Author’s note: I wrote the following on September 11, 2002, when I was 23 years old. I reread it every year to remind myself of where I was...of who I was...of how I've changed. Of how I've remained. Today, I share it with you. Be well, friends.
so much happens in a year. and they go so fast. and it’s funny…most people count their years by specific dates…birthdays. anniversaries. another 365 days. another long, languorous rotation around the sun. my how things change and how they stay the same.
and it gives me pause, because i think about those people whose birthdays and anniversaries fall on september 11th…and i wonder how they feel to have that day taken from them. and i think about the people who have the other kind of anniversaries on september 11th. the kind of anniversaries that you don’t want to celebrate. my how things change and how they’ll never be the same again.
and there aren’t any answers. there weren’t answers a year ago, and there aren’t any now. and that makes me crazy, although i’m getting used to it. god i was angry then. i felt hatred for the first time in my life. i wanted vengeance. vengeance is such a fascinating word…it has such rich connotations. and it’s not a word i’d ever have used before. but that’s what i wanted then. i hatedthem, and i was thrilled when they were given a name and a face, and i could direct that anger. i hated god; i went to church because it seemed like it was the place to go—all that catholic schooling pointed to god for answers. i didn’t get them. i hated people; i wanted to scream my throat raw when people who weren’t here said that they “knew it was going to happen” and that they “felt like they’d missed seeing a movie that everyone else had seen.” i was angry and when i think back, i can still feel it in the pit of my stomach. i’m not as angry now…but i still have my moments.
sometimes i feel like a fraud. i think about that morning and how very removed i was from it. i think about the fact that i was 60 blocks away. and no one i knew was hurt. and no one i loved was there. and i see that look cross people’s faces when i refer to that day. that look that says “why is she so sad? it’s not like she was *really* there.” and when i see that look i think, maybe they’re right. maybe i shouldn’t be so sad. maybe the thought of it shouldn’t make me tear up. maybe there’s no really good reason why i grieve.
but i do. i grieve for the firefighters who went up the stairs when thousands could think about nothing but getting down them. i grieve for the wives who waited for husbands to come home and never stopped waiting. i grieve for rescue dogs who were depressed because they couldn’t find survivors in the rubble. i grieve for doctors who lined up to treat patients that never came. i grieve for the men and women who worked in the newsstands and delis at the base of the tower…no one seems to talk about them. i grieve for men and women who held hands and jumped into the sky to escape a fate worse than a 110 story drop. i grieve for this city, with whom i’ve had a love affair for 20 years, which lost an immovable piece of its skyline. i grieve for all the new yorkers who look at that skyline and see “a kid missing its two front teeth,” as someone so eloquently said to me in the days following the disaster.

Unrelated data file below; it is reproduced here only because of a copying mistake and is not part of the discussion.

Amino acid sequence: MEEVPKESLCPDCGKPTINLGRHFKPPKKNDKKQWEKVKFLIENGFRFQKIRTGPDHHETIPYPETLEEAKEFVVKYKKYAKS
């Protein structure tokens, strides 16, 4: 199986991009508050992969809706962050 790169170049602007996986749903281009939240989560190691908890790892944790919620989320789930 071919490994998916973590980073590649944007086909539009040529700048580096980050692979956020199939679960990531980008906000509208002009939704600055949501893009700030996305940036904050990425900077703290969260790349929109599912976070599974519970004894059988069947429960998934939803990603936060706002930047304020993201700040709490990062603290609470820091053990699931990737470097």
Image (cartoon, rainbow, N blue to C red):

and then there’s the selfish part of me. the part that grieves for me. for what i knew of the world then, and what i know of it now. for what i missed. for the fact that i didn’t take a last look at them. for the fact that i’m forgetting just where they stood, and just how they looked. for the fact that “my” new york is forever changed…and something there will always be just out of place. for the fact that there will always be a before and an after. i grieve because i never got the chance to say goodbye. because all of a sudden, i was thrust into uncertainty with nothing to do but aimlessly wander down fifth avenue. because i’ve had no choice but to reconcile myself with this new world that i hadn’t been prepared for. i grieve for the part of me that used to take things as they came. and i have moments of severe distaste for the control freak that i’ve become—but now and then i feel her fade, and i have moments when i sense that the old me is coming back.
of course…there are silver linings in this cloud. there is a year that has changed my life. there are stories of hope. and there are things that ease the sadness. there are moments (that come more frequently now) when i know that there is an innate good in humanity. last night, there was a car service driver who explained how he put on his turban right after he explained how he felt about this strange, unhappy anniversary. several months ago there was a doctor on a train who took my pulse while a woman i didn’t know handed me saltines. there are traffic cops downtown who don’t just give you directions, but escort you to the brooklyn bridge. there are neighbors who offer to help if you ever need anything. there are new friends and old ones, who call just to check in. there is love, found before the dust could settle. and there is faith in humanity that is far more powerful than faith in god ever was.
i will light a candle today. and i will think about what is gone. i will spend the evening with my closest friends. and i will be thankful for what is here.